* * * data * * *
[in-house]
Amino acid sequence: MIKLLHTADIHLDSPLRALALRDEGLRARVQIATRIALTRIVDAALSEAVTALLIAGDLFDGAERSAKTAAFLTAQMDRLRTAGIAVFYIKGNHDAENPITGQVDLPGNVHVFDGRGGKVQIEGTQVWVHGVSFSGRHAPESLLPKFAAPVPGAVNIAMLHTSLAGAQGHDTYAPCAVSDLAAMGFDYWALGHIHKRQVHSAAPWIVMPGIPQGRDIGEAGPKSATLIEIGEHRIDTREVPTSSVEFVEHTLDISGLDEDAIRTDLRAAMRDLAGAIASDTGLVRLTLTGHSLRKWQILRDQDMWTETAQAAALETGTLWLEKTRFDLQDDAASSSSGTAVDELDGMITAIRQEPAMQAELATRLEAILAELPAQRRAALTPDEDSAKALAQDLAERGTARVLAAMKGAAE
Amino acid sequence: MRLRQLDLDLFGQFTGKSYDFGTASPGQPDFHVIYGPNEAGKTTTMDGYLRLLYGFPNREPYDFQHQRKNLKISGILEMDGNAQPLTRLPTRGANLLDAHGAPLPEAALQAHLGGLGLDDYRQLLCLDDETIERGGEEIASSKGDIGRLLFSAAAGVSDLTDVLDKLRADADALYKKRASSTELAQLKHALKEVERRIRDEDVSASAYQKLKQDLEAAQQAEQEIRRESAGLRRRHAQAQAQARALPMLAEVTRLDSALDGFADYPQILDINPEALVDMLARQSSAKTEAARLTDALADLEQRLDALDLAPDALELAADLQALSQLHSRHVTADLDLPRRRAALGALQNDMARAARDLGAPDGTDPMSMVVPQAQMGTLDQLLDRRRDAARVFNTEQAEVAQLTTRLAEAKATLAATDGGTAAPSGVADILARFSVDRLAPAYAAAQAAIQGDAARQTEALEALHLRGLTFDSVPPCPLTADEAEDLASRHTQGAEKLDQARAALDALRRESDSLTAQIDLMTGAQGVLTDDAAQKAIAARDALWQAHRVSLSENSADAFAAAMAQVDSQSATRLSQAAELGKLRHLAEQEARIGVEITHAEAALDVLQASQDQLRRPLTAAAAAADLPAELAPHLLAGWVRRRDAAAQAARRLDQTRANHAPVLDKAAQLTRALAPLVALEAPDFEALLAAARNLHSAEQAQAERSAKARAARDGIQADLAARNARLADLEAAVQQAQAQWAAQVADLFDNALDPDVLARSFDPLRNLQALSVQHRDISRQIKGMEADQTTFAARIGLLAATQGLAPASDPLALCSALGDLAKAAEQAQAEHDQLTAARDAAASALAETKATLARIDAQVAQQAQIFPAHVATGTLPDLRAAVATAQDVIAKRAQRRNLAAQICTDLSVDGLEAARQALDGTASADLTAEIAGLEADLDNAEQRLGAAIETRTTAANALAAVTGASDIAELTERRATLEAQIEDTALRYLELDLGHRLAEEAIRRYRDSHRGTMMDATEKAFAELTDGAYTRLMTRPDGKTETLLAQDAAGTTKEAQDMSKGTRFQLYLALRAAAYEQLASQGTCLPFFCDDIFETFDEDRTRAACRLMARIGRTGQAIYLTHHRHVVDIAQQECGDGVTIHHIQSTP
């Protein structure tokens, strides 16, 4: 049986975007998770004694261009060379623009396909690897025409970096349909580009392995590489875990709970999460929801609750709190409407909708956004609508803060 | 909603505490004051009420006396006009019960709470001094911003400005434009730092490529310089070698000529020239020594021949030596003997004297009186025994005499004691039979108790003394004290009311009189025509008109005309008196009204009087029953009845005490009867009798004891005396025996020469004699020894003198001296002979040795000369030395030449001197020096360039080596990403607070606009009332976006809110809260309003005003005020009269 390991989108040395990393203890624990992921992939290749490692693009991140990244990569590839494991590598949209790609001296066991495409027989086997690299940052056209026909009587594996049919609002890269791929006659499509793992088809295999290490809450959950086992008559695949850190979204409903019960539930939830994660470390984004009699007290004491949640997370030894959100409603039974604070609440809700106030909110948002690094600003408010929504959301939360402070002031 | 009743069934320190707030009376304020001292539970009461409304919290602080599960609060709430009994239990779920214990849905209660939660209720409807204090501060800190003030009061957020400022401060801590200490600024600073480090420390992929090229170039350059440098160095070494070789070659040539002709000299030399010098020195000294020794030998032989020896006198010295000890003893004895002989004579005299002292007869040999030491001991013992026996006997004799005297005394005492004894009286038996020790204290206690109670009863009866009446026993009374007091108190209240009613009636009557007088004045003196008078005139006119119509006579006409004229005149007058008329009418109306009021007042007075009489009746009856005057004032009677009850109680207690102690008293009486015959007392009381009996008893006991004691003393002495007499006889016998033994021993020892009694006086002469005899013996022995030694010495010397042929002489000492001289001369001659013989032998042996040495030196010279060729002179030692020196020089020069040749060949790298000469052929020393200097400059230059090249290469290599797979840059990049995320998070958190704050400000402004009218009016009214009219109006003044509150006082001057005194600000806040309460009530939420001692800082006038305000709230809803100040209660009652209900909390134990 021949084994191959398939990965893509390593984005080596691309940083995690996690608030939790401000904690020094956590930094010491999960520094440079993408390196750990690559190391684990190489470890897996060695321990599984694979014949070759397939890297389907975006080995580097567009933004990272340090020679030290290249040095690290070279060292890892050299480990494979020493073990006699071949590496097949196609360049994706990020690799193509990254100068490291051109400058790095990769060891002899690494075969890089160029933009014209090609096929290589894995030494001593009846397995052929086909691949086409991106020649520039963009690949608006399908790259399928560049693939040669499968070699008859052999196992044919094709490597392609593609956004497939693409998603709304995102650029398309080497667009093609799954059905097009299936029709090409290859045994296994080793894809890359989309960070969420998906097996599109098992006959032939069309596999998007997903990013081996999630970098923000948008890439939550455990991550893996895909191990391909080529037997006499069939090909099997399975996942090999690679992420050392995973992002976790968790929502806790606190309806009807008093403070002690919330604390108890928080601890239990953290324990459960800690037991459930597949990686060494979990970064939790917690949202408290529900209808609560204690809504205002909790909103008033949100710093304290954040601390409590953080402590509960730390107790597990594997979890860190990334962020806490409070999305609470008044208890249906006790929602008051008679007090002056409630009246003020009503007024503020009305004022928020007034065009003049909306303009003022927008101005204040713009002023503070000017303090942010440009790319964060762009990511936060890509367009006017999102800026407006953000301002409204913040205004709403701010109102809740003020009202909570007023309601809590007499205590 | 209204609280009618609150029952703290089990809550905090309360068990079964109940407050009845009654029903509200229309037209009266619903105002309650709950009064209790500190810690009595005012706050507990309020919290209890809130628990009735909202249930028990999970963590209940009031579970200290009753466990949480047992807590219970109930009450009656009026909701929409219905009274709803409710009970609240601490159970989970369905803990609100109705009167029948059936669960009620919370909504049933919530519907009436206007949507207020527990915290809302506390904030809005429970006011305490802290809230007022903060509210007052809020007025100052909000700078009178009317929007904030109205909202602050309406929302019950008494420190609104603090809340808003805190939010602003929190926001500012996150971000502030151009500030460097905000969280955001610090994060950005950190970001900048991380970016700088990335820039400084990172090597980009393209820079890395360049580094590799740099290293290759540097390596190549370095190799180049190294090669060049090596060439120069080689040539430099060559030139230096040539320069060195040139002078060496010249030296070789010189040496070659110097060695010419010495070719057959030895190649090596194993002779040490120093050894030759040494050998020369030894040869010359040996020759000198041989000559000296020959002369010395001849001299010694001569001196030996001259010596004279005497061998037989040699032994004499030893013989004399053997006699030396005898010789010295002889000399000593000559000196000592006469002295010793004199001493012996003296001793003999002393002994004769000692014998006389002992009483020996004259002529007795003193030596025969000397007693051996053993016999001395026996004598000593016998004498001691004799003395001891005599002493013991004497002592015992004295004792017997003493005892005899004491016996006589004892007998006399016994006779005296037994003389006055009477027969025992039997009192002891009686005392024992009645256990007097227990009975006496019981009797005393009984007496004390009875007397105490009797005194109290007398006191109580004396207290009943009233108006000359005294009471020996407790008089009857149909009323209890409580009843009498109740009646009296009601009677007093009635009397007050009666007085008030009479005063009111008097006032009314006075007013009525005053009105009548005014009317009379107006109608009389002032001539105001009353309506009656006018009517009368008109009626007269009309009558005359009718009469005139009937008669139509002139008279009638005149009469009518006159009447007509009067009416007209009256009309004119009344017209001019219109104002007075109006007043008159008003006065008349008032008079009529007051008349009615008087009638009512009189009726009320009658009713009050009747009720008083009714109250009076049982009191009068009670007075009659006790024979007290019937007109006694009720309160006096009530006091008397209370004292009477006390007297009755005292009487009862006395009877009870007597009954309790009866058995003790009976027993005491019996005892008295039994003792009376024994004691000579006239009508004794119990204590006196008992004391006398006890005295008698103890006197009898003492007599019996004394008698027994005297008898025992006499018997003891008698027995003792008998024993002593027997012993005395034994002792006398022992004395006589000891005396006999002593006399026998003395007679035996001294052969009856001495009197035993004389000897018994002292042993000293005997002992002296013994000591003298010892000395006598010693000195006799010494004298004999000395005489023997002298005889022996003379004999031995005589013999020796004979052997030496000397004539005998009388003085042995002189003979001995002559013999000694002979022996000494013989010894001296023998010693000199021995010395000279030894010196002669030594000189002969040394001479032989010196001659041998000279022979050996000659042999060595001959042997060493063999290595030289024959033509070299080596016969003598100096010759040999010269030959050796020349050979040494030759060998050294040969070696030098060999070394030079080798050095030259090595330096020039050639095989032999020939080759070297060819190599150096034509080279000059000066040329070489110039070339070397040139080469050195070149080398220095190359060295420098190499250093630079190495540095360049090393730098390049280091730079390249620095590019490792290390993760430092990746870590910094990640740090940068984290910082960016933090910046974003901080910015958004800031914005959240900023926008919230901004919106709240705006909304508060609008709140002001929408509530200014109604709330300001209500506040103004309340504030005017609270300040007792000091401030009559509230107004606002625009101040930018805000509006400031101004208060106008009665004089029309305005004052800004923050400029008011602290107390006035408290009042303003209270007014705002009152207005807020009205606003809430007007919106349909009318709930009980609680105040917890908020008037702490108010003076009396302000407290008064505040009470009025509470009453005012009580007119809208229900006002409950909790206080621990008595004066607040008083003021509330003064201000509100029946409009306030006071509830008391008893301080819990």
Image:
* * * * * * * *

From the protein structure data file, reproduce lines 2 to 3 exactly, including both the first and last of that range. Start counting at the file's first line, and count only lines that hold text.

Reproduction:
Amino acid sequence: MIKLLHTADIHLDSPLRALALRDEGLRARVQIATRIALTRIVDAALSEAVTALLIAGDLFDGAERSAKTAAFLTAQMDRLRTAGIAVFYIKGNHDAENPITGQVDLPGNVHVFDGRGGKVQIEGTQVWVHGVSFSGRHAPESLLPKFAAPVPGAVNIAMLHTSLAGAQGHDTYAPCAVSDLAAMGFDYWALGHIHKRQVHSAAPWIVMPGIPQGRDIGEAGPKSATLIEIGEHRIDTREVPTSSVEFVEHTLDISGLDEDAIRTDLRAAMRDLAGAIASDTGLVRLTLTGHSLRKWQILRDQDMWTETAQAAALETGTLWLEKTRFDLQDDAASSSSGTAVDELDGMITAIRQEPAMQAELATRLEAILAELPAQRRAALTPDEDSAKALAQDLAERGTARVLAAMKGAAE
Amino acid sequence: MRLRQLDLDLFGQFTGKSYDFGTASPGQPDFHVIYGPNEAGKTTTMDGYLRLLYGFPNREPYDFQHQRKNLKISGILEMDGNAQPLTRLPTRGANLLDAHGAPLPEAALQAHLGGLGLDDYRQLLCLDDETIERGGEEIASSKGDIGRLLFSAAAGVSDLTDVLDKLRADADALYKKRASSTELAQLKHALKEVERRIRDEDVSASAYQKLKQDLEAAQQAEQEIRRESAGLRRRHAQAQAQARALPMLAEVTRLDSALDGFADYPQILDINPEALVDMLARQSSAKTEAARLTDALADLEQRLDALDLAPDALELAADLQALSQLHSRHVTADLDLPRRRAALGALQNDMARAARDLGAPDGTDPMSMVVPQAQMGTLDQLLDRRRDAARVFNTEQAEVAQLTTRLAEAKATLAATDGGTAAPSGVADILARFSVDRLAPAYAAAQAAIQGDAARQTEALEALHLRGLTFDSVPPCPLTADEAEDLASRHTQGAEKLDQARAALDALRRESDSLTAQIDLMTGAQGVLTDDAAQKAIAARDALWQAHRVSLSENSADAFAAAMAQVDSQSATRLSQAAELGKLRHLAEQEARIGVEITHAEAALDVLQASQDQLRRPLTAAAAAADLPAELAPHLLAGWVRRRDAAAQAARRLDQTRANHAPVLDKAAQLTRALAPLVALEAPDFEALLAAARNLHSAEQAQAERSAKARAARDGIQADLAARNARLADLEAAVQQAQAQWAAQVADLFDNALDPDVLARSFDPLRNLQALSVQHRDISRQIKGMEADQTTFAARIGLLAATQGLAPASDPLALCSALGDLAKAAEQAQAEHDQLTAARDAAASALAETKATLARIDAQVAQQAQIFPAHVATGTLPDLRAAVATAQDVIAKRAQRRNLAAQICTDLSVDGLEAARQALDGTASADLTAEIAGLEADLDNAEQRLGAAIETRTTAANALAAVTGASDIAELTERRATLEAQIEDTALRYLELDLGHRLAEEAIRRYRDSHRGTMMDATEKAFAELTDGAYTRLMTRPDGKTETLLAQDAAGTTKEAQDMSKGTRFQLYLALRAAAYEQLASQGTCLPFFCDDIFETFDEDRTRAACRLMARIGRTGQAIYLTHHRHVVDIAQQECGDGVTIHHIQSTP